Evolution & Human Behavior
evolutionary approach, endowment effect, cognitive bias
Law | Property Law and Real Estate | Science and Technology Law
From the perspective of other disciplines, evolutionary approaches more often provide explanation and coherence than they help to solve discrete problems. We believe that more examples of the latter sort will help both with disciplinary synthesis and with the advance of knowledge. Here we describe a 20-year arc of research to demonstrate the problem-solving utility of an evolutionary perspective by focusing, as a case study, on a particular cognitive bias – the endowment effect – that has implications for law. Legal systems often assume that humans make decisions that are substantively rational, consistent, and aimed at maximizing their own wellbeing. But prevalent cognitive biases disrupt this, showing that humans consistently make decisions that seem to violate rationality and/or their own best interests. And despite decades of research, there has been little progress in understanding why these biases exist. We are among the scholars who have converged on the idea that many cognitive biases may have evolved as adaptations to pre-modern conditions, the evolutionarily sudden changes from which often leave them mis-matched to current conditions, prompting us to situationally irrational outcomes. Here, we discuss our data testing hypotheses derived from this perspective in both humans and nonhuman primates and consider how it has advanced our understanding of both the endowment effect narrowly and cognitive biases generally – including those relevant to law and policy.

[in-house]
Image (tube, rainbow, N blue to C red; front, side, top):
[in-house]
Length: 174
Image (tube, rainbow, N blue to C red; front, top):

Owen D. Jones and Sarah F. Brosnan,
Using an Evolutionary Approach to Improve Predictive Ability in Social Sciences: Property, the Endowment Effect, and Law, 44 Evolution & Human Behavior. 222
Available at: https://scholarship.law.vanderbilt.edu/faculty-publications/1349